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A deciduous shrub of rather thin, lax, sprawling habit, at present 5 or 6 ft high in cultivation; branches long, tortuous, or semi-pendulous, quite glabrous, but armed with spines which are really arrested branches, often bearing leaves, sometimes flowers. Leaves oval lance-shaped, up to 2 in. long by 3⁄8 in. wide on the young, non-flowering shoots, but narrowly obovate, 1 in. or less long, and produced in rosettes on the year-old, flowering shoots, quite glabrous, entire, of a glaucous green, tapering at the base to a short stalk. Flowers nodding on stalks 1⁄4 in. long, often solitary or in pairs at each joint. Corolla funnel-shaped, 3⁄4 in. long, 1⁄2 in. wide at the mouth, where are five shallow, rounded lobes, pale green veined with darker lines, and tinged with purple. Calyx bell-shaped, about 1⁄8 in. long, with five pointed lobes. Style much protruded; stamens rather shorter. Fruits scarlet, globose, 3⁄8 in. long; ripe in August. Bot. Mag., t. 8440.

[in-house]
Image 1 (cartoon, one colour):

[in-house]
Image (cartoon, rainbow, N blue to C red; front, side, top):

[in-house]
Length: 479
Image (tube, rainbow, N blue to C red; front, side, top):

Native of south-western N. America, originally described by Miers from a specimen collected by Fendler in New Mexico, which has the corolla-tube glabrous inside; the form figured in the Botanical Magazine was discovered by Frémont in 1844 on the Rio Virgen, one of the tributaries of the Colorado river, and has the corolla-tube hairy inside below the insertion of the stamens. It was introduced to Kew in 1886. It is a distinct and quite hardy shrub, whose prettily coloured flowers hang in profusion from the underside of the branches, and make it the best of the lyciums in flower. It is also ornamental in fruit, but with us the crop is uncertain. It is best propagated by layering, in the absence of seed. The foliage varies in the intensity of its glaucous hue.